I wound up with boxes of frozen biscuits and shortcakes, a magic bar (also known as a Seven Layer Bar), and a Cobb salad to go. The experience was so pleasant I’m already plotting my return.
At The Larder in suburban Metairie, Louisiana, prepared salads are visible in big refrigerator cases inside the front door, and you can see the chefs at work in the kitchen just beyond the front counter. There’s an ample display of pastries and two bins of gelato from Piccolo Gelateria, a locally owned New Orleans shop. You can dine in or get food to go through the window of what was once a Burger King.
Zingerman’s, meanwhile, makes a significant portion of the prepared foods at its original deli, from menu items to groceries. As you can read in my book, the business opened Zingerman’s Bakehouse so it could have bread for its sandwiches rather than drive to the Detroit suburbs and bring it back. The same goes for the cream cheese served on its bagels. It also packages olive oil and tea, and sells potato chips and salad dressing.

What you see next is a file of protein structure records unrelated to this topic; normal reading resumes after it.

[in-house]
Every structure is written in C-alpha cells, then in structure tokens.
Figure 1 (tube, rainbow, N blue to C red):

Deli managing partner Rick Strutz estimates that gourmet groceries make up about 25% of the shop’s annual sales, while menu items and catering account for the other 75%.
In recent times, stores and restaurants have begun to more generously identify the farmers and other businesses that supply them so that shoppers know where the items are coming from.
One such place in New Orleans is Coffee Science, which began as a coffee bar in 2018 and has since morphed into a gourmet shop selling fresh produce, baked goods, and cheese. It holds a farmers market each Sunday, with a variety of sellers who bring bagels, smoked salmon, tamales, and treats for pets.
On a recent visit, I watched as a staff member from Covey Rise Farms delivered a big vat of sunflowers for Coffee Science to sell as bouquets. Their products were featured throughout Coffee Science’s refrigerator cases, which told me they had an active working relationship.
In these days of supply chain shortages, there’s really no excuse for anything to hang around very long. Many stores are ordering or making only as much as they can turn around quickly.